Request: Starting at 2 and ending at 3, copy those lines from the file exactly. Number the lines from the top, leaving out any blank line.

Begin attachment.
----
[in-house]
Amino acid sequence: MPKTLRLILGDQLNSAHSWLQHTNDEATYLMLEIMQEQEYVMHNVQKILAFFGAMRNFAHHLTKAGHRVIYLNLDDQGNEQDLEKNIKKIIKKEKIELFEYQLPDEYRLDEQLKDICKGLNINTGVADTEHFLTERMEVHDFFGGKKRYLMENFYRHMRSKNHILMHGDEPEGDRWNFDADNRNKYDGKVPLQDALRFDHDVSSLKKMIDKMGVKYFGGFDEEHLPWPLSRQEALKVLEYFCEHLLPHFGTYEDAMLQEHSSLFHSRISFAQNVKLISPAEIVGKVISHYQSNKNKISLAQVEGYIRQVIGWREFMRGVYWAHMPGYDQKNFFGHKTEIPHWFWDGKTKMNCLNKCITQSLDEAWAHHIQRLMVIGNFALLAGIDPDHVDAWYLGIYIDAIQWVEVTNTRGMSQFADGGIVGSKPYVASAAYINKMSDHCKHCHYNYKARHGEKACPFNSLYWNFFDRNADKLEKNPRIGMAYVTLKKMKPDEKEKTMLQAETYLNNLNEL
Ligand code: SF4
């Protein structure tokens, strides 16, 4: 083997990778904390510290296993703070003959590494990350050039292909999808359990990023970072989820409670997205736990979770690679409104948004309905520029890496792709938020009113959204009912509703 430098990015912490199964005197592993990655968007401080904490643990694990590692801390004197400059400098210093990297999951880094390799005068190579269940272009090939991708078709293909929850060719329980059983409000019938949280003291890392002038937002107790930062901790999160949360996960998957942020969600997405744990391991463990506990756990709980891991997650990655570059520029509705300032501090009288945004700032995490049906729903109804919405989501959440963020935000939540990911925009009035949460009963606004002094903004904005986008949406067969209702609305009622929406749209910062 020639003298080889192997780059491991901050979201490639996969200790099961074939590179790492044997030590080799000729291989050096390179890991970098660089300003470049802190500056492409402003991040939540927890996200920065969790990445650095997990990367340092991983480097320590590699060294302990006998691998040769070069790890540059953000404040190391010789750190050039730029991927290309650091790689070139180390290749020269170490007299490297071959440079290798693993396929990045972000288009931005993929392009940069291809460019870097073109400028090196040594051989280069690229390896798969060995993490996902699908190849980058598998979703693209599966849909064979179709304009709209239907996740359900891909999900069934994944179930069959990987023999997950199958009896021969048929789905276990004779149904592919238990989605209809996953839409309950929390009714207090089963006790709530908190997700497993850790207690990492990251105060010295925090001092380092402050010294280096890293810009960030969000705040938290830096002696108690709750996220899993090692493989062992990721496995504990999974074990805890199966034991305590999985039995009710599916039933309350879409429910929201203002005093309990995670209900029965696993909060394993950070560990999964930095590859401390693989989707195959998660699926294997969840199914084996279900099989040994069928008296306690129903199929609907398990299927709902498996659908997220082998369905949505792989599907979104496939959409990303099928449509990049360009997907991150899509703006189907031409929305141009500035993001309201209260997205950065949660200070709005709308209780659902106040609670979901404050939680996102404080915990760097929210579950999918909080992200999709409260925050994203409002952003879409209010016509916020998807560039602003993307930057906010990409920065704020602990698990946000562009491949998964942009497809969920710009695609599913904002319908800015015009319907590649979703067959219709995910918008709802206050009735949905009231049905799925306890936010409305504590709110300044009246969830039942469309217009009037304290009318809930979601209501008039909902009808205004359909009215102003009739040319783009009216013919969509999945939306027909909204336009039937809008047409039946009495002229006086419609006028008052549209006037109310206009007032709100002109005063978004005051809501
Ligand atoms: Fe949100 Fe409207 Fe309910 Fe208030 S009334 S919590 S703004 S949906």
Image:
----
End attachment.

Amino acid sequence: MPKTLRLILGDQLNSAHSWLQHTNDEATYLMLEIMQEQEYVMHNVQKILAFFGAMRNFAHHLTKAGHRVIYLNLDDQGNEQDLEKNIKKIIKKEKIELFEYQLPDEYRLDEQLKDICKGLNINTGVADTEHFLTERMEVHDFFGGKKRYLMENFYRHMRSKNHILMHGDEPEGDRWNFDADNRNKYDGKVPLQDALRFDHDVSSLKKMIDKMGVKYFGGFDEEHLPWPLSRQEALKVLEYFCEHLLPHFGTYEDAMLQEHSSLFHSRISFAQNVKLISPAEIVGKVISHYQSNKNKISLAQVEGYIRQVIGWREFMRGVYWAHMPGYDQKNFFGHKTEIPHWFWDGKTKMNCLNKCITQSLDEAWAHHIQRLMVIGNFALLAGIDPDHVDAWYLGIYIDAIQWVEVTNTRGMSQFADGGIVGSKPYVASAAYINKMSDHCKHCHYNYKARHGEKACPFNSLYWNFFDRNADKLEKNPRIGMAYVTLKKMKPDEKEKTMLQAETYLNNLNEL
Ligand code: SF4